They looked back to earlier attempts to classify and organise subjects encyclopedically like Cesare Ripa and Anne Claude Philippe de Caylus's Recueil d'antiquités égyptiennes, étrusques, grècques, romaines et gauloises as guides to understanding works of art, both religious and profane, in a more scientific manner than the popular aesthetic approach of the time. These early contributions paved the way for encyclopedias and other publications useful in identifying the content of art. Mâle's l'Art religieux du XIIIe siècle en France translated into English as The Gothic Image, Religious Art in France of the Thirteenth Century has remained continuously in print. In the early-twentieth century Germany, Aby Warburg and his followers Fritz Saxl and Erwin Panofsky elaborated the practice of identification and classification of motifs in images to using iconography as a means to understanding meaning. Panofsky codified an influential approach to iconography in his 1939 Studies in Iconology, where he defined it as "the branch of the history of art which concerns itself with the subject matter or meaning of works of art, as opposed to form," although the distinction he and other scholars drew between particular definitions of "iconography" and "iconology", has not been accepted, though it is still used by some writers.
In the United States, to which Panofsky immigrated in 1931, students such as Frederick Hartt, Meyer Schapiro continued under his influence in the discipline. In an influential article of 1942, Introduction to an "Iconography of Mediaeval Architecture", Richard Krautheimer, a specialist on early medieval churches and another German émigré, extended iconographical analysis to architectural forms; the period from 1940 can be seen as one where iconography was prominent in art history. Whereas most icongraphical scholarship remains dense and specialized, some analyses began to attract a much wider audience, for example Panofsky's theory that the writing on the rear wall in the Arnolfini Portrait by Jan van Eyck turned the painting into the record of a marriage contract. Holbein's The Ambassadors has been the subject of books for a general market with new theories as to its iconography, the best-sellers of Dan Brown include theories, disowned by most art historians, on the iconography of works by Leonardo da Vinci.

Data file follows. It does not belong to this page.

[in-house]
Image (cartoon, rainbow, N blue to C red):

Technological advances allowed the building-up of huge collections of photographs, with an iconographic arrangement or index, which include those of the Warburg Institute and the Index of Medieval Art at Princeton. These are now being digitised and made available online on a restricted basis. With the arrival of computing, the Iconclass system, a complex way of classifying the content of images, with 28,000 classification types, 14,000 keywords, was developed in the Netherlands as a standard classification for recording collections, with the idea of assembling huge databases that will allow the retrieval of images featuring particular details, subjects or other common factors. For example, the Iconclass code "71H7131" is for the subject of "Bathsheba with David's letter", whereas "71" is th